The deal is apparently worth $21 million, according to Adam Shefter.

After being released by the Raiders Thursday following the signing of Jordy Nelson, Crabtree heads to the Ravens less than 24 hours later.


The 31-year-old is coming off a 2017 season when he recorded 58 receptions for 618 yards and eight touchdowns. In 2016 he posted 89 receptions for 1,003 yards and eight touchdowns.

Since 2015, the Texas Tech product has scored 25 receiving touchdowns, the fifth-most in the NFL. Crabtree and Steelers WR Antonio Brown are the only NFL players to post at least eight touchdown catches in each of the past three seasons.


In all, Crabtree has played nine NFL seasons – six of them with San Francisco (2009-14) and three with Oakland (2015-17). The former first-round draft pick (10th overall, Texas Tech) has registered 579 receptions for 6,870 yards (11.9 avg.) and 51 touchdowns in 125 career games (122 starts).

“Michael has played very well against the Ravens, so we know firsthand the attributes he brings to the game,” Newsome said in a team statement. “He is a smart, tough, physical receiver who battles for the ball. We like his temperament and believe he is a good fit for our football team, on and off the field.”

Since he entered the NFL in 2009, Crabtree’s 51 receiving scores rank 10th among active wide receivers, while his receptions (579) are seventh, and his receiving yards (6,870) are 12th.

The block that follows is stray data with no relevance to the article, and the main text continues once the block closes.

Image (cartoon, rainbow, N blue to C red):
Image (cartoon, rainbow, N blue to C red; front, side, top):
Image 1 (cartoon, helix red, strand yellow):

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Ryan Grant's health issue and why the Ravens couldn't control voiding his contract

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Ryan Grant's health issue and why the Ravens couldn't control voiding his contract

The most obvious move in the NFL this offseason was the Ravens signing a new wide receiver (or three). It was less obvious why the team decided to commit so much money to former Redskins receiver Ryan Grant.

Grant has long been beloved by his coaches and teammates, but the results have never been there on game day. He has some potential to improve if given a larger role in a team's offense, which he likely would have had in Baltimore, but it never made much sense to offer him a 4-year contract worth nearly 30 million, with $14.5 million guaranteed.

Thankfully for fans who were uninspired by the reported agreement, Grant was unable to pass his physical and will not be joining the team.


At a press conference Friday morning, GM Ozzie Newsome called the void a "medical decision" that Newsome had no control over. 

NFL insider Ian Rapoport reported that Grant is recovering from a Grade 2 sprained ankle that would need two months rest.

You have to feel for Grant, who by all accounts has worked his tail off for many years just waiting for his chance. It's never easy missing out on nearly $15 million dollars guaranteed, but Grant should be able to find work with another team.

The timing of this news, coming so soon after former Raider Michael Crabtree became available, seemed fishy to some.

At Friday's press conference, Newsome also said the team would have still pursued Crabtree if they signed Grant. 

It's probably not fair to suggest that an NFL franchise would actually so publicly back out of a deal just because another option came along, as any team with that reputation would struggle to attract future free agents. That said, it could end up working out splendidly for the team.

Besides, if all else is equal, shouldn't a team located in Baltimore be going after a guy named CRABtree?